U.S. Representative Artur Davis seconded the nomination of Barack Obama for president in 2008 at the Democratic Party convention in Denver, Colorado. Now, almost four years later, Davis has left the Party of Obama, Pelosi and Schumer telling the Daily Caller that if he were to run for office again it would be as a Republican in the Commonwealth of Virginia.
In a letter by Davis announcing his switch, he attributes it to, “an agenda that would punish businesses and job creators with more taxes… I have taken issue with an administration that has lapsed into a bloc by bloc appeal to group grievances when the country is already too fractured.
“[F]aith institutions should not be compelled to violate their teachings because faith is a freedom.”
In Pennsylvania, a state that Obama must win to keep the presidency, his attack on the Roman Catholic Church has caused JoAnn Nardelli, the 1st Vice President of the Pennsylvania State Federation of Democratic Women, to leave the Democratic Party and endorse Mitt Romney’s candidacy. Nardelli became nationally known when she appeared on the cover of U.S. News and World Report going to church with Bob Casey, Jr. during his successful Senate bid against fellow Roman Catholic Rick Santorum in 2006.
The question which has to be giving the White House sleepless nights is whether these two defections are a harbinger of things to come?
The willingness of strong Obama ally Newark, N.J., Mayor Cory Booker to criticize the Obama campaign’s attack on capital investment, which was almost immediately backed by highly respected former Representative Harold Ford, Jr. show the fissure that is developing even amongst African American leaders against the President’s war on job creators and wealth.
The faith component is even more difficult political water for Obama. After being somewhat involuntarily outed on gay marriage by his Vice President, Obama was ill-prepared for the backlash that many African American pastors have warned may occur.
The Tennessean reports that the Rev. William Owens, founder and president of the Memphis-based Coalition of African-American Pastors, takes offense at the comparisons between homosexual rights and the civil rights movement of the 1960s, “I didn’t march for same-sex marriage, not one inch, one yard, or one mile.”
Some black pastors even predict that their congregations will “stay home” rather than vote this year.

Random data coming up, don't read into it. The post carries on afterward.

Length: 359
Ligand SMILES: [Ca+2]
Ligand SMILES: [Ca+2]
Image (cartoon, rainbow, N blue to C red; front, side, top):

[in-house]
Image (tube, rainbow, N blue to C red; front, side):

Trouble in the black churches combined with the extraordinarily strong response by the Roman Catholic Church against Obama’s attempts to coerce their faith on reproductive issues has put Obama in a politically precarious position that has nothing to do with Jeremiah Wright or his own personal faith journey.
If Obama is to maintain his tenuous hold on the White House, he had better hope that faith voters who supported him in 2008 don’t feel the same way Jo Ann Nardelli does when she resigned the Democratic Party saying, “As the Democratic Party has taken the stand for same-sex marriage, then I must make a stand on my faith that marriage is between a man and a woman. God’s principles for life never change. His guidelines, given in Scripture, produce fruitful lives when you follow them.”
If people of faith who formerly supported Obama come to the same conclusion as Nardelli in states like Missouri, Pennsylvania, Wisconsin and Arizona, Obama cannot put a coalition together to win.
If African American pastors don’t encourage their congregations to get out and vote for Obama due to concerns of conscience, leading to lower turnouts in states like North Carolina and Virginia, Obama loses those two states he won in 2008.
If people of color like Artur Davis become disgusted by Obama’s political attacks on their future opportunities to improve their economic status without relying upon government largesse, 2012 could be a watershed election not seen in the country since Ronald Reagan’s election in 1980.
The irony of Obama’s predicament is that it is a completely self-inflicted political wound caused by hubris and a complete personal disconnect with the values that permeate Americans regardless of race.
Pollsters have always agreed that America is a center-right country, and it may turn out Obama’s one lasting legacy may be uniting the center-right against him and his intrusive federal government policies.
Somehow that is not what I think he meant, when he claimed to be a “uniter” in the 2008 election.
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